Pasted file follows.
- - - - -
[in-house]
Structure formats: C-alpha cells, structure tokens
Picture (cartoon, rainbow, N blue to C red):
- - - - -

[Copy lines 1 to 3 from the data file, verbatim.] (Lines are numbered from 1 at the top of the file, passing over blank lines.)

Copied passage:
[in-house]
Structure formats: C-alpha cells, structure tokens
Picture (cartoon, rainbow, N blue to C red):